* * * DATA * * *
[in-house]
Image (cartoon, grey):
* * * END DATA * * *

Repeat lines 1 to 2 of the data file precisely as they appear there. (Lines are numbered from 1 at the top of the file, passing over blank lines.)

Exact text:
[in-house]
Image (cartoon, grey):